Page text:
AFF's closing-night movie is Union Square, with actress Mira Sorvino in attendance. Union Square is the story of a reluctant reunion between estranged sisters. It's directed and co-written by Nancy Savoca (Dogfight, Dirt), and the cast includes Sorvino and Daphne Rubin-Vega (nominated for a Spirit Award for her performance in Jack Goes Boating). 

Movies This Week: 50 Soul Interrupters Vs. Numbers


Tonight, you can catch a special free screening of Amélie as part of the Whole Foods Sunset Supper Cinema; seating is limited, and starts around 6:30 pm. I'm seriously thinking of going to try some of the food specials, which include a crème brûlée shake.

Then get a triple-shot of filmmaker Ti West, who's been in town for Fantastic Fest. On Saturday he's doing a Moviemaker Dialogue over at the AFS screening room, on Sunday The Roost and The House of the Devil play Alamo Drafthouse Village, followed by an AFS Best of the Fest screening on Monday of The Innkeepers.

On Tuesday, check out the lastest Essential Cinema screening Peking Opera Blues over at Alamo South Lamar. And apparently AFS is kicking of a new "season pass" option -- Season Pass holders get into the Essential Cinema screenings for free.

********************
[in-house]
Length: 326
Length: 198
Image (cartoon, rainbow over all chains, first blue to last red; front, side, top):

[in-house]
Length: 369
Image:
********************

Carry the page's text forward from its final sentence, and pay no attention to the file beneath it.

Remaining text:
Now on to the films opening in Austin today, many of which played SXSW to enthusiastic audiences, so don't pass up the chance to see them with an Austin audience before award season starts.

Movies We've Seen:

50/50 -- I've seen a lot of cancer-themed movies this year, but 50/50 stands out as it's inspired by the writer's own experiences. While the title relates to the survival chances, Don says in his review that it "also could refer to the odds that with a great cast and some genuinely poignant and funny moments, the movie can survive its entirely formulaic storyline."

The Interrupters – Using a disease prevention model, the Chicago-based, CeaseFire employs "violence interrupters" to curb the spread of violence through relationships, mediation and other alternatives. Often raw with no rhetorical punches pulled, it's about as different from Thunder Soul as you can get, but equally worthy. Read my review for more.

Thunder Soul (pictured above) -- You will regret seeing this equally moving and entertaining doc made in Houston celebrating the life and work of Conrad "Prof" Johnson, who brought international attention to the Kashmere Stage Band performing popular funk and original compositions that rivaled the work of professionals. You will be dancing in your seat. Read my SXSW review for more. (Alamo South Lamar)